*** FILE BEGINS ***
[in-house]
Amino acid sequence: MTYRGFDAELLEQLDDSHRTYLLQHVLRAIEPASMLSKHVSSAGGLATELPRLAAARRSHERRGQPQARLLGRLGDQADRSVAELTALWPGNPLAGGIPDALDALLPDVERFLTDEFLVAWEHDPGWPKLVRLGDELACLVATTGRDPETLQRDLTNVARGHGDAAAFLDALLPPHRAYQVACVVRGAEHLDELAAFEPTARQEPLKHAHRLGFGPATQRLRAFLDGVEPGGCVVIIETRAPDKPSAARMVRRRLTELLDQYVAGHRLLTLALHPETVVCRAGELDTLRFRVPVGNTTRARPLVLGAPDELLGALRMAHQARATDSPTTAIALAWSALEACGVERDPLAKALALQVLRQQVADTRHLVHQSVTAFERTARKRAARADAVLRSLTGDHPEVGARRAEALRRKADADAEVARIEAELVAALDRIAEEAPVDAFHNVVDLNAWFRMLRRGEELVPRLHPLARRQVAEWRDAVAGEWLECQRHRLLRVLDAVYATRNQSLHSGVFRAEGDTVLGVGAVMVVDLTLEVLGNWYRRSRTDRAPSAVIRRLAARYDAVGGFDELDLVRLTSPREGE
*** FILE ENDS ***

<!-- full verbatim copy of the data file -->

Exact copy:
[in-house]
Amino acid sequence: MTYRGFDAELLEQLDDSHRTYLLQHVLRAIEPASMLSKHVSSAGGLATELPRLAAARRSHERRGQPQARLLGRLGDQADRSVAELTALWPGNPLAGGIPDALDALLPDVERFLTDEFLVAWEHDPGWPKLVRLGDELACLVATTGRDPETLQRDLTNVARGHGDAAAFLDALLPPHRAYQVACVVRGAEHLDELAAFEPTARQEPLKHAHRLGFGPATQRLRAFLDGVEPGGCVVIIETRAPDKPSAARMVRRRLTELLDQYVAGHRLLTLALHPETVVCRAGELDTLRFRVPVGNTTRARPLVLGAPDELLGALRMAHQARATDSPTTAIALAWSALEACGVERDPLAKALALQVLRQQVADTRHLVHQSVTAFERTARKRAARADAVLRSLTGDHPEVGARRAEALRRKADADAEVARIEAELVAALDRIAEEAPVDAFHNVVDLNAWFRMLRRGEELVPRLHPLARRQVAEWRDAVAGEWLECQRHRLLRVLDAVYATRNQSLHSGVFRAEGDTVLGVGAVMVVDLTLEVLGNWYRRSRTDRAPSAVIRRLAARYDAVGGFDELDLVRLTSPREGE